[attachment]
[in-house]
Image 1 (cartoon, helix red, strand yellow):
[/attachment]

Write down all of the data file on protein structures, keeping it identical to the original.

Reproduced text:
[in-house]
Image 1 (cartoon, helix red, strand yellow):